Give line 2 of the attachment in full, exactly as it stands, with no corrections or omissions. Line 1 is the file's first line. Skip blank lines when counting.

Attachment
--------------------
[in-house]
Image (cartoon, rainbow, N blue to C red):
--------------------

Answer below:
Image (cartoon, rainbow, N blue to C red):